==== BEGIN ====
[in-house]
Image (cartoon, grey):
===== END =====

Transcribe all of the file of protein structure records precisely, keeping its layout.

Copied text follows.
[in-house]
Image (cartoon, grey):